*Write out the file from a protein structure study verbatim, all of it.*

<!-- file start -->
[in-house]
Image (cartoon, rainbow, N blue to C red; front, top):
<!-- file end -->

[in-house]
Image (cartoon, rainbow, N blue to C red; front, top):